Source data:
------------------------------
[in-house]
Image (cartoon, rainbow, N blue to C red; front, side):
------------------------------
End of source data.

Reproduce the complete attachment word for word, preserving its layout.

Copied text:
[in-house]
Image (cartoon, rainbow, N blue to C red; front, side):